Foreign dignitaries were impressed by the fabric’s beauty and versatility, and Alessia, in her wisdom, decided to export it to finance the function of the state. Records indicate that many freedmen took up the harvest and weaving of silk, and, within 20 years of the fall of Ayleidoon, Cyrod was famous throughout Tamriel for its silks. These were simpler, unsouled forms, yet their quality was still beyond compare. Yet even as silks found their way abroad they became part of what it meant to be a Cyrodil.

The importance of the Ancestor Moth and its silk in Cyrodiilic culture cannot be stressed enough. Even the poorest families hang genealogical scarves of silk above their hearths, the waving lines and geometries of which tell the story of each family. Traditionally these scarves are made from the silk of the moths that house their ancestor’s spirits, and would be let out and remade anew each time a progenitor passed to the grave. Now, with rising population and falling faith, most are made of simple unsouled silk and embroidered with threads taken from the favored garment of the dead. Yet even these are worth a fortune and fiercely guarded, as are the numerous silken fetishes warriors weave onto their hair and armor prior to battle, or the silken souled lace in which a babe is placed in memory of the ancient Kothri custom of immersing newborns in coastal foam.

One particularly creative use of silk deserves a special mention: the armor known as Mythril. The term derives from the Nedic miith ii riil, which translates roughly to “storied strength of moth-carried ancestors.” Though the art to its manufacture has been lost to the ages, we know that it was made by interweaving song-strengthened silk with metal wire (initially copper, later silver) and binding the weave together with the spirit of an ancestor. One account replaces the metal with the hair of the one meant to wear the armor, and another claims that nothing but silk, spirit, and song is needed. Regardless of its manufacture, the strands were then bent into rings, which were linked in an intricate five-part pattern. The suits excelled at stopping the short sword and spear favored by foot soldiers, as well as the spells of magi. The making of the suits stopped sometime in the mid 1st era, perhaps prompted by the advent of heavier swords or sturdier metals. No full suits survived to modernity, though individual links or chains are found in the possession of many wealthy citizens. Many claim that the metal speaks to its carrier, and ensures that they win in battle.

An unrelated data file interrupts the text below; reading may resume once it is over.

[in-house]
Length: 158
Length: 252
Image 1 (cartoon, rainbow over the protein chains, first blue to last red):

Suffice it to say that the moth stands second only to the Amulet of Kings in the pantheon of cultural symbols. At times, the two have been in conflict: the priest-kings of the Alessian Order wore strands of silk weighed down with sorcerous words, proclaiming that they “need no gem but shining truth.” Similarly, Reman Cyrodiil is said to have worn the Amulet upon a single strand of Ancestor silk, eschewing the heavy chains and pendants of his Alessian forefathers in favor for spiritual wealth.

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SamirA
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Re: On Silk

Postby SamirA » 18 Aug 2011, 00:57

Great stuff here N, thank you.
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Osidian
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Re: On Silk

Postby Osidian » 18 Aug 2011, 01:48

That's amazing and a very interesting read, Lady N.
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Re: On Silk

Postby Revenant » 18 Aug 2011, 18:43

This seems even longer than the version I was hoping you'd post, (though that could just be that it looks longer in a post than in notepad), any updates to it are always going to be well recieved. We need all the "lore fitting" crazy shiz we can get to fill out what the 1st PGE started on. Thanks for obliging.

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Lady Nerevar
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Re: On Silk

Postby Lady Nerevar » 02 Sep 2011, 05:26

What looks to be a finished version is up at the BSF. The bottom 3 paragraphs are new, and there are some minor edits (diction stuff, iirc) in the rest of the text.